Thirdly – and again, this comes at the end of its judgment – the High Court’s stress on the “private” sits ill at ease with its excellent analysis of freedom, equality, and discrimination. In Johar, the Indian Supreme Court was careful not to go down the Delhi High Court’s path and qualify decriminalisation by adding the words “in private.” Like Johar, the Botswana High Court also does not add any such qualification while striking down Ss. 164 and 165, but it does so in its analysis of S. 167 (gross indecency), where it strikes out “private”, and leaves the criminalisation of “gross public indecency” intact. But what is “public indecency” if not the same kind of socially-perceived “deviant” behaviour that the Court is otherwise so concerned to protect under the Constitution? Without a clearer definition, that is the only use it will ever be put to.

It is important to note, however, that none of these three points are central to the core of the decision; the decision would remain even if we jettisoned them. The High Court’s arguments on freedom, equality, and dignity, and its ringing endorsement of diversity, plurality and the protection of the marginalised, does not require it to commit to the “born this way” theory of sexual orientation; it does not require any holding on the mechanics of anal sex; and it does not need a re-entrenchment of the public/private divide. It is to be hoped, therefore, that in future, it is the rights-expanding, liberty-protecting aspects of the judgment that will stand the test of time, while these odd discordant notes will, ultimately, fade away.


Coming two weeks after the intense disappointment of the Kenyan High Court’s judgment, Letsweletse Motshidiemang marks a welcome reversion to form: across the world, the fact that sodomy laws have no place in liberal democracies is increasingly becoming part of judicial common sense. Arguments from “public morality” and “deference”, which once held powerful sway over the minds of judges, are losing their purchase. The Botswana High Court’s clear, powerful, and unambiguous judgment gives us hope that what happened two weeks ago was a brief aberration, which will be swiftly set right by the Kenyan appellate courts; in the meantime, there is another judgment to celebrate.

The Kanojia Bail Order: Two Constitutional Issues


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[Editorial Note: Justice is an indivisible concept. We cannot, therefore, discuss contemporary Supreme Court judgments without also acknowledging the Court’s failure – at an institutional level – to do justice in the case involving sexual harassment allegations against the Chief Justice. This editorial caveat will remain in place for all future posts on this blog dealing with the Supreme Court, until there is a material change in circumstances.]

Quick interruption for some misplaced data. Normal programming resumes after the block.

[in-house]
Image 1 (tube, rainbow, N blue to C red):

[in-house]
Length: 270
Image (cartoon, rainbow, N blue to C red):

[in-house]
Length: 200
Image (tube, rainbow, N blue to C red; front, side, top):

[First published here. Reposted with permission.]

In this blog post, Abhinav Sekhri has lucidly highlighted some of the systemic issues around the journalist Prashant Kanojia’s arrest and subsequent release on bail: in particular, the heavily politicized character of the police forces, and the structural reasons why Magistrates – the first line of defence in the fight for civil rights – too often act like postage stamps when it comes to confirming remand orders. In this post, I want to approach the issue from another angle, focusing on the Supreme Court. I will argue that the Court’s bail order is an extraordinary one, departing from ordinary procedure, and can only be justified if its underlying jurisprudential basis is an extraordinary emphasis being placed upon freedom of speech and personal liberty. While the Court does not spell this out in the order, it is – as I will argue – necessarily implied; but at the same time, it will have value only if it is now applied across the board and uniformly, in cases of this kind.

Recall that Kanojia was arrested by the UP police for some tweets “defaming” the Chief Minister of UP, and others that allegedly “insulted Hindu gods and goddesses” (the latter allegation was added subsequently, presumably after the UP police discovered that out of the two criminal provisions in the FIR, criminal defamation was non-cognisable – making the arrest illegal – and that not only had they erroneously invoked Section 66 of the IT Act instead of 66A, but 66A itself had been struck down as unconstitutional four years ago). In response, Kanojia’s wife moved the Supreme Court through a habeas corpus petition under Article 32 of the Constitution. Crucially, however, by the time that the case was heard by the Supreme Court, Kanojia had been produced before a Magistrate, who had remanded him to custody until 22 June. This meant that effectively the petition was no longer challenging Kanojia’s arrest but a judicial order of remand.

In this context, there were two important procedural questions that arose. The first was whether a habeas corpus petition was maintainable against a judicial order (as opposed to the more standard set of cases where habeas corpus challenges an illegal arrest); and the second was whether, as a matter of judicial propriety, the Supreme Court should have heard the matter under Article 32, when the High Court of Allahabad had not been approached by way of Article 226 proceedings.


It is important to (very briefly) recapitulate the basics. The writ of habeas corpus – as everyone knows – was evolved to protect individuals against illegal detention, by forcing State authorities (in whose custody they were) to produce them in court. The State would then have to prove that the detention was legal; if it could not do so, the individual would be set free.